From naive girl who didn’t know who Man­dela was to PA:

The Herald (South Africa) - - FRONT PAGE - Kathryn Kim­ber­ley [email protected]­me­

ZELDA la Grange was a naive Afrikaans girl with her hair in a “bolla” when she first met the late pres­i­dent Nel­son Man­dela. But the tools he pro­vided her with dur­ing the 19 years as his sec­re­tary and per­sonal as­sis­tant turned her into an en­light­en­ing pub­lic speaker and a best-sell­ing au­thor.

La Grange re­cently re­leased her me­moirs Good Morn­ing, Mr Man­dela, a book which ruf­fled feath­ers among Madiba’s sur­viv­ing fam­ily mem­bers. How­ever, her re­la­tion­ship with Madiba’s widow, Graca Machel, re­mained in­tact.

“I saw Graca two weeks ago. She re­spects my ob­ser­va­tions and sto­ries,” La Grange said yes­ter­day.

She was in Port El­iz­a­beth to speak at a fundrais­ing break­fast for Nel­son Man­dela Met­ro­pol­i­tan Univer­sity’s Bur­sary Legacy Cam­paign. About 112 peo­ple at­tended the event. La Grange’s sense of hu­mour and love for the world icon had the au­di­ence hang­ing on her ev­ery word.

“Peo­ple ask me if I feel like the white to­ken and I say, ‘Wouldn’t you like to be Madiba’s white to­ken’?”

The two most im­por­tant tools Man­dela pro­vided her with were re­spect and dis­ci­pline.

La Grange was born in Boks­burg in Gaut­eng in 1970. At first she was em­bar­rassed about her place of birth and used to tell peo­ple she was from Pre­to­ria – that was un­til Os­car-win­ner Char­l­ize Theron emerged from out of the wood­work.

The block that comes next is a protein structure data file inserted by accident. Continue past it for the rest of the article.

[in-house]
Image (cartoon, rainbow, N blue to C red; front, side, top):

She said grow­ing up in a con­ser­va­tive Afrikaans fam­ily, she never ques­tioned apartheid and was happy with the way things were run in South Africa.

“I was swimming in the pool at my fa­ther’s house when he came out­side and said, ‘That ter­ror­ist has been re­leased from prison’.

“He be­came very up­set with me when I didn’t know who Man­dela was.”

Some time later, after ap­ply­ing for a job in the Pres­i­dent’s Of­fice, this same per­son she was brought up to fear stood in front of her.

“He shook my hand and I could see the kind­ness and sin­cer­ity in his eyes. Then he spoke Afrikaans to me and he im­me­di­ately de­stroyed my de­fences.

“He asked about my fam­ily and I just started cry­ing. He told me I was over­re­act­ing.”

Her life changed in 1995, when Man­dela called her into his of­fice and told her to sit down.

“I thought I had re­vealed a state se­cret or some­thing. But then he asked me to go to Ja­pan with him and I thought, ‘How in- ap­pro­pri­ate’. The only re­ply I could think of was, ‘Sorry, I don’t have any money to go to Ja­pan.’ He just laughed.

“It is only my ded­i­ca­tion and loy­alty that set me apart. Madiba could shape me into any­thing. He would take my hand and push my lim­its.

“He didn’t only free blacks in South Africa, he freed whites by teach­ing us his ways.”

La Grange said she mostly missed his smile and the way he used to joke about other peo­ple in Afrikaans when they trav­elled abroad.

Her fa­ther, who once feared his re­lease back into so­ci­ety, en­joyed meals with Madiba – even though La Grange reg­u­larly kicked her dad un­der the ta­ble when he said some­thing in­ap­pro­pri­ate – and even planted the trees at Madiba’s homestead in Qunu.

“I took a photo and joked with my fa­ther that times had changed. He was now work­ing in a black man’s gar­den.”

But La Grange, who can tell many sto­ries about the fa­ther of the na­tion, knows very lit­tle about Madiba’s last days as she, like many of his friends, was not al­lowed to visit him.


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